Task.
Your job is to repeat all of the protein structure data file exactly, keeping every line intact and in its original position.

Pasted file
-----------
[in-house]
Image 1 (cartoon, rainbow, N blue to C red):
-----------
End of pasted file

[in-house]
Image 1 (cartoon, rainbow, N blue to C red):